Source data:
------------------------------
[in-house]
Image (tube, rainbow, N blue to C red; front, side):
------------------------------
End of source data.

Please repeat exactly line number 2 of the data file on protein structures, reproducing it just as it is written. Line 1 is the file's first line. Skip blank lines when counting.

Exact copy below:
Image (tube, rainbow, N blue to C red; front, side):